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Hitting the jackpot: How not to blow it all

13 workers from ATB Financial in Edmonton celebrate on Friday May 22 after they won $49,851,871 in a Lotto 649 jackpot.

Thirteen lucky people from Edmonton became Canada's latest multimillionaires last week, winning a near-record $49.9-million lottery jackpot. That sounds like a lot of money, but financial planners warn that the windfall could disappear quickly without proper planning.

The winners, colleagues at a financial services company, were chauffeured to a downtown hotel in stretch limousines where they mused about what they will do with their newfound wealth. While one woman debated the merits of buying an island, most others said they planned to spend their share of the winnings - nearly $3.9-million - paying off debts, mortgages and helping loved ones.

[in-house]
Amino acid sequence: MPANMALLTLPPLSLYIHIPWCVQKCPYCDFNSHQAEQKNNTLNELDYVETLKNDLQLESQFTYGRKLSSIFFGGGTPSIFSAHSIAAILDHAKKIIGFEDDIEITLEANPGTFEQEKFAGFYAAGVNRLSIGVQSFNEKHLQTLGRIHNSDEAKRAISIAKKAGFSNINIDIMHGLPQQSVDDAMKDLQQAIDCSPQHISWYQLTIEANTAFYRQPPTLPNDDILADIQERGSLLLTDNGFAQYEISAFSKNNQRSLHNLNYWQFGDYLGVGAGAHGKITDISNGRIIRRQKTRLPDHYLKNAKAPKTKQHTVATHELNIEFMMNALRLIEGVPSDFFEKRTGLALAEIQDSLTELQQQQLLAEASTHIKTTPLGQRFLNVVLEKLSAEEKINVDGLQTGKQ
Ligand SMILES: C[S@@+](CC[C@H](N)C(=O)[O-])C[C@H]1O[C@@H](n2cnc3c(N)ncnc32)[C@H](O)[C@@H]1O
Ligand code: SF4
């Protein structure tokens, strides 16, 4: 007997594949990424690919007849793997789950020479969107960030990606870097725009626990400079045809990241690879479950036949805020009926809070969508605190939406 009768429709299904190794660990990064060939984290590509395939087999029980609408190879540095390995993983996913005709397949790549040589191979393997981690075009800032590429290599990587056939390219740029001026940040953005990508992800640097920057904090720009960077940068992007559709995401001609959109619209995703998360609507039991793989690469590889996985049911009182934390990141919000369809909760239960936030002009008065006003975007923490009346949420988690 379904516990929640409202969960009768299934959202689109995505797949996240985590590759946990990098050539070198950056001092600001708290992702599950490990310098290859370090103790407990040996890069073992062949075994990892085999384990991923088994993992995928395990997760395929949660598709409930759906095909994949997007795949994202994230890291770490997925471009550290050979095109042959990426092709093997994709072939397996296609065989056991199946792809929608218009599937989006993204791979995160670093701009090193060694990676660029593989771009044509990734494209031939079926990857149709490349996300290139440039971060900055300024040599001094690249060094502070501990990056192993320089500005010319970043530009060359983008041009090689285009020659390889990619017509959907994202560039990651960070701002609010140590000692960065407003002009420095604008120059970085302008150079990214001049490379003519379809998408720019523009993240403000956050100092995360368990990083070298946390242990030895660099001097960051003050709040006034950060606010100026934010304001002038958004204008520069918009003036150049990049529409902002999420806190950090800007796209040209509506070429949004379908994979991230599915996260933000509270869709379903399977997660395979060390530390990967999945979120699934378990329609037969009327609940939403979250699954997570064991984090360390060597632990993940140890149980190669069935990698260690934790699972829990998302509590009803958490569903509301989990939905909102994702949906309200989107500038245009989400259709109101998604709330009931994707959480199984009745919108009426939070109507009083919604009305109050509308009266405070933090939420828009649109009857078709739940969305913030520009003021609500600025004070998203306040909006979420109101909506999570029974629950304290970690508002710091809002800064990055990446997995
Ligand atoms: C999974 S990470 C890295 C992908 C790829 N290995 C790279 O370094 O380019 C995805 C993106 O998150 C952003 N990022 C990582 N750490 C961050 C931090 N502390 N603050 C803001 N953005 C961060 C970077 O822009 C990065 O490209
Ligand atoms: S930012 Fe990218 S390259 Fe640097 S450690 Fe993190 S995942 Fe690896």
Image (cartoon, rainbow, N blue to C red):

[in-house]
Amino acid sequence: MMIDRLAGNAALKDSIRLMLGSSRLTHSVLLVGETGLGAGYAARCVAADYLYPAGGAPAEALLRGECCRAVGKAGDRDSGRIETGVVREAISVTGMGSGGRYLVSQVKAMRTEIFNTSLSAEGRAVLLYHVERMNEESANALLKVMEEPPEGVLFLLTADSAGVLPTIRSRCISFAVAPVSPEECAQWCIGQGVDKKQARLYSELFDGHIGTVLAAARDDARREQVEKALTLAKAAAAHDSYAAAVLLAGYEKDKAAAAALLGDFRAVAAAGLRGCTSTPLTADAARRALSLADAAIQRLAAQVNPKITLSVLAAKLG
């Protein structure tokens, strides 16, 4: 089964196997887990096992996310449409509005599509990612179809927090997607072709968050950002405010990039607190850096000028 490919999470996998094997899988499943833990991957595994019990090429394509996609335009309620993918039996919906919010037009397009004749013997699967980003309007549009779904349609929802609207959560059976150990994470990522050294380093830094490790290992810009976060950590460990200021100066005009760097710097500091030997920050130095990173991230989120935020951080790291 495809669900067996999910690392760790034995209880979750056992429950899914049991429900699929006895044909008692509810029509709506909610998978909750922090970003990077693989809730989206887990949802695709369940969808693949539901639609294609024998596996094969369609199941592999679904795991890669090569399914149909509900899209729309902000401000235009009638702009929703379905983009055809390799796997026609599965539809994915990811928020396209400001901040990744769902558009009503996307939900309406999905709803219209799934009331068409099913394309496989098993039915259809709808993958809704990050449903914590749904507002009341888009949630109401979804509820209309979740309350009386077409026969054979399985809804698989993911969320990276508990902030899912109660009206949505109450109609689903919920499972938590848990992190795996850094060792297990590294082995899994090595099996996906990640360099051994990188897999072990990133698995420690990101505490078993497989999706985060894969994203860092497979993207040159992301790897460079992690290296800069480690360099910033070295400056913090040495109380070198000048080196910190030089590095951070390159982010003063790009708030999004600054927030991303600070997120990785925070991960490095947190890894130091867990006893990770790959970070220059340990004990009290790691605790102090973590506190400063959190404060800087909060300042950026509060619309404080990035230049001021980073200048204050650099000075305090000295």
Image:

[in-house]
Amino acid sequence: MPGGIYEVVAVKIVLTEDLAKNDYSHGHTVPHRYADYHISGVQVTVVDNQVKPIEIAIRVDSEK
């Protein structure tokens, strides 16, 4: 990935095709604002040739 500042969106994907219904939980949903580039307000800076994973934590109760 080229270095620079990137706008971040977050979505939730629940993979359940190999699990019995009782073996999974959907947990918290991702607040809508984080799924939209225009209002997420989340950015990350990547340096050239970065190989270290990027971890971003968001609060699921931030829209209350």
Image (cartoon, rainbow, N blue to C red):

Tony Maiorino, vice-president of high net worth strategy, wealth management, at the Royal Bank of Canada, says people who suddenly get a substantial amount of money - through winning the lottery, getting an inheritance or insurance settlement, or selling a business - should avoid making any immediate financial decisions.

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"The first thing you want to do is take stock and let your emotions come down," he said. "Three-point-nine-million is a life-changing amount of money but it can also be depleted quickly if you are not taking stock of what things you want to do and prioritizing them."